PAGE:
Bette was stirring her coffee when she saw the postcard, tucked between a large print arthritis monthly and debt consolidation offers.
On the front was a rose window. She turned it over, expecting to learn that Jesus loved her, or God would smite her.
Finally taking a road trip. Made it to Atlanta. Slept in a twin bed last night. Ha! Got this in the motel gift shop. Beautiful. No time to see the real thing. Have you heard from Lars? Tomorrow: Louisiana. —Glen
It was addressed to the former tenant, Martha. Martha had died a month earlier from a stroke and Bette got off the waiting list for senior housing. It was affordable and there was a clubhouse. She liked the picture of a group playing cards in the pamphlet.
Bette clipped the postcard on the fridge next to a diner delivery menu, where she had circled Meatloaf with Mashed Potatoes and Caesar Salad.
She took a sip of her coffee, then spit it back in the mug. She’d bought the coconut creamer again.
The second postcard came a week later. It had Louisiana landmarks on it.
New Orleans! Full of music and life. Had my first beignet. Best thing I’ve eaten in a while. Wish we could’ve tried them together. Lars isn’t answering my calls. I think we should’ve waited to tell him. Headed to San Antonio now. —Glen
There was no return address, no way to tell him Martha was gone.
Bette had never had a beignet. She looked it up on the internet: fried dough squares covered in powdered sugar.
She went out to buy a cruller and confectioner’s sugar from the grocery store. She expected the nice cashier with the blue hair to be there. Maybe she would tell him about the postcards. But the shy girl rang her up instead.
At home, Bette warmed the cruller in the oven, then sprinkled the sugar on top. As she was cutting it into quarters, the knife slipped, slicing her index finger. She watched the blood turn the sugar into a bright red paste.
She rinsed her finger and fished a bandage out of the first aid kit. Rubbed a little honey on the soft part of the bandage before putting it on, like her mother used to do.
When Robert was alive, Bette thought, he would have called her stupid for trying to make a beignet out of a cruller, for putting honey on a wound.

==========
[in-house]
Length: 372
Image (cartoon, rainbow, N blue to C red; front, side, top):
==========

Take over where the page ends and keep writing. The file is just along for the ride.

The day she received the postcard from Texas, Bette skipped her crochet group to wait for the mail. Her joints were stiff and the women didn’t talk much.
San Antonio is unlike any other city. Hope to do the River Walk with you some day. You said you needed time. I understand. Lars will accept it, accept us. You were separated by then. Already in Tucson. Heard cacti can grow to be several stories high. Let you know if I see one. —Glen
Her stomach turned, like it did when she forgot to take her ulcer medication. Tucson was just hours from San Diego.
Bette considered calling her son, asking to stay with him in L. A. for the week to spend time with her grandchildren. But she knew he’d say they were busy. She had barely seen them since Robert passed.
Lars might give up the cold shoulder and tell Glen, she hoped.
Bette put the Greetings from San Antonio! postcard on the fridge next to the others and took a microwavable chicken pot pie out of the freezer.
On the postcard from Tucson was a single cactus with pinkish-white flowers.
I’ve seen weeds taller than some of these “big” cacti. Guess I wasn’t looking in the right place. I’m coming to see you, to talk in person. You might not open the door, but I have to try, make the grand gesture. You are the sweet to my sour, Martha. I won’t leave here for a couple of days. —Glen
Glen would get to San Diego that day, or at most, the day after.
Bette imagined Glen angry. She had read his postcards, kept them for herself. She had attempted to make a beignet. By pretending for a moment she was someone else, she had betrayed him somehow.
She considered shutting the blinds and hiding in her bathroom until he left or one of her neighbors called security.
No, she thought. He wouldn’t be angry. He’d be sad, heartbroken. Like her, he would feel alone.
Bette filled her electric kettle with water. She arranged an assortment of herbal teas, two mugs, and a plate of sugar wafers on a serving tray. In a small bowl of honey, she put the wooden dipper she never used.
When he arrived, Bette would offer Glen something sweet, something soothing.
And he would listen.
Alexandra M. Matthews is a teacher and writer living in the Hudson Valley. Her flash fiction has appeared in Jellyfish Review, X-R-A-Y Literary Magazine, Barren Magazine, and Atlas and Alice.
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